Smog poisons thousands in Pakistan
Steph Deschamps / November 13, 2023
Thousands of people have fallen ill due to a toxic haze of pollution in eastern Pakistan, forcing the authorities to close parks, schools, shopping centers and other services in several cities, including Lahore, until Sunday, writes the British public broadcaster BBC on Friday.
Over the past few days, Lahore's air quality index, which measures the level of fine particles in the air in Pakistan's second-largest city, has recorded levels four times higher than the "satisfactory" average. The Punjab provincial authorities are therefore advising the population to wear mouth masks outdoors.
"I travel a lot (by moped) for my work. When I get home, my eyes are irritated," says salesman Ameer Hamza. A mother tells us that her one-and-a-half-year-old daughter has difficulty eating because of blisters that have formed around her mouth as a result of the pollution.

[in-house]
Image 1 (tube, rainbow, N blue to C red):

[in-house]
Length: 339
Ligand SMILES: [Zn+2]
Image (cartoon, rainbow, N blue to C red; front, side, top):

According to the Air Quality of Life Index developed by the University of Chicago, air pollution reduces life expectancy by almost seven years in the most exposed regions of Pakistan, including Lahore.
North-western India, bordering Pakistan, faces a similar pollution problem.
On both sides of the border, experts criticize the timid response of the authorities, who have imposed closures and temporary restrictions on car traffic, or are toying with the idea - so far unrealized - of artificially inducing rainfall over New Delhi, India's capital in the north of the country.
Some point to the habit in these regions of burning the remains of summer crops before winter planting as the main source of this pollution. According to local media, the issue will be addressed by the diplomatic corps of both countries.